Bitcoin Miner Greenidge Reaches Debt Restructuring Deal With NYDIG as Bankruptcy Looms

Under the deal for restructuring $74.7 million worth of debt, Greenidge will host NYDIG's new machines.

AccessTimeIconDec 20, 2022 at 12:43 p.m. UTC
Updated May 9, 2023 at 4:04 a.m. UTC

Bitcoin mining firm Greenidge Generation (GREE) came to an agreement with its lender, NYDIG, about restructuring $74.7 million of debt, though a bankruptcy is still on the cards.

Cash burn is unsustainable and the firm's board is engaged "in active discussions about the potential for, and timing of, a voluntary bankruptcy filing," Greenidge said in a Tuesday filing with the U.S. Securities and Exchange Commission. If the deal with NYDIG is finalized, Greenidge still needs $20 million in fresh funding through 2023 to avoid bankruptcy.

Under the deal, which is currently in the form of a non-binding term sheet, NYDIG will purchase 2.8 exahash per second (EH/s) worth of Greenidge's bitcoin mining machines, and extinguish $57 million to $68 million of the debt. That will leave Greenidge with 1.2 EH/s of machines, and the miner will also pledge the rest of its unencumbered assets to secure the rest of the loan, which will be somewhere between $6 million to $17 million.

The loan in question had about $74.7 million outstanding as of Sept. 30. Prior to reaching a deal with NYDIG, Greenidge had estimated it would have to spend a minimum of $66.5 million in principal payments throughout 2023.

Greenidge will host NYDIG's machines, effectively changing its business model from self-mining to hosting, the filing said. Hosting has proved a difficult business model to maintain in 2022, particularly for miners like Greenidge that are exposed to natural gas prices. Greenidge's costs of revenue, which come both from mining bitcoin and selling energy produced in its natural gas plant in upstate New York, grew by 104% year on year in Q3, according to Greenidge's quarterly earnings report.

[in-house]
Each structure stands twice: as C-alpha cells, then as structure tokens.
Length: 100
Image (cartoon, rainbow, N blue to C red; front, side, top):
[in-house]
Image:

Greenidge is one of several miners that have warned about cash burn rates, including Argo Blockchain (ARBK) and Core Scientific (CORZ).

During October and November, Greenidge burned through $8 million a month, of which $5.5 million went to NYDIG payments. It expects the same cash burn rate for December, which would put a significant hole through its remaining $22 million of cash and cash equivalents. If Greendige doesn't secure funding, it may run out of cash in the next two months.

The miner will host up to 74 megawatts (MW) of NYDIG's machines. As of Sept. 30, Greenidge "powered approximately 76 MW of mining capacity capable of producing an estimated aggregate hash rate of 2.4 EH/s." The firm owns a 106 MW natural gas power plant in New York.

Greenidge will also transfer its coupons with machine manufacturer Bitmain to NYDIG. Within three months of the debt restructuring and hosting deals being agreed upon, Greenidge will also transfer machines awaiting deployment to NYDIG, and later provide the lender with an additional 39 MW of hosting.

The miner has also faced regulatory turbulence in its home state of New York, where environmental concerns led to its air permit renewal being denied this summer.

UPDATE (Dec. 20, 13:10 UTC): Adds additional details and background.


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Eliza Gkritsi is CoinDesk's crypto mining reporter based in Asia.

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